Some new blood wouldn't be a bad thing, and Sam could be a big help in pass rushing.
The Colts are traditionally bad at run defense, so Sam wouldn't help there but he could come in as a situational pass-rusher while developing the rest of his game.
Since a lot of the rest of the potential defensive lineman depth is filled by UDFA, it's certainly worth a look for the Colts, who need some help against guys like Tom Brady and Peyton Manning if they want to make it far in the playoffs.
New England Patriots
With Bill Belichick, you can never tell what will get his ears to perk up.
The New England Patriots cut four defensive linemen while cutting their roster down to 53, and according to the latest depth chart at ESPN.com, have just one backup at each defensive end spot.
That's not the end of the world, but they could certainly use more help there as well, especially since the defensive line struggled at times in the preseason (save for starters Chandler Jones and Rob Ninkovich), per Pro Football Focus.
We know the Patriots almost never stand pat on their initial 53-man roster and they love to find diamonds in the rough. Belichick likes his role players as well, and isn't afraid to grab guys who he thinks can produce short-term value while developing into bigger factors long-term.
As is the case on any of these teams, Sam could provide value in a situational role, while also stepping in on special teams.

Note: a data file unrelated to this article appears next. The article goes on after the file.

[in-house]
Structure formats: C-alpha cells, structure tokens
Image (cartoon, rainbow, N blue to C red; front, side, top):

New York Jets
This would be the other odd scheme fit, as the New York Jets run a base 3-4, though in reality coach Rex Ryan mixes things up so much it's pretty much a giant defensive amoeba where "base" is really code for "something we do on occasion, but not really."
The Jets kept six defensive linemen, making them deep at the position group Sam would be fighting for snaps in. However, three of the players (Damon Harrison, Kenrick Ellis and T.J. Barnes) are nose tackles. Sheldon Richardson (last season's Defensive Rookie of the Year) has nobody listed behind him (according to ESPN's depth chart), and backup Leger Douzable -- while solid -- is also 28 and is about as good as he'll ever get.
Sam could come in and help a pass rush which can never get enough help given how much pressure head coach Rex Ryan wants to bring.
There is another thing that makes this seem like a great fit to me.
Sam strikes me as the type of player both Ryan and GM John Idzik would drift towards. For Ryan, it's a chance to mold a pass-rusher into something more than he already is. A hard working guy with a lot of potential whom Ryan can "fix" -- something he loves to do with players.
Meanwhile, Sam fits the Idzik mold of "hungry, hard-working player." As happened in Seattle, Idzik has filled the Jets roster with a ton of players with upside and let the best men win. While there were jobs that were safe on both offense and defense, he added a lot of players at the bottom of the draft and in free agency who were hungry for a chance. The Seahawks did that a few years back -- that "king of the mountain" style of roster building gave them a championship.
Could Idzik look at Sam and think "here's a guy with a chip on his shoulder, someone who will bleed for us on the field"?
It seems likely to me.
Ultimately there are a ton of teams who could be interested in Sam. He has a lot of upside, but he's far from a finished product. Like most late-round draft picks, he has a long way to go before he can become a starter, if he ever gets there.
Still, he played well in preseason and there is enough good tape for me to believe some team will take a chance on him and, if they can make the math work, bring him on.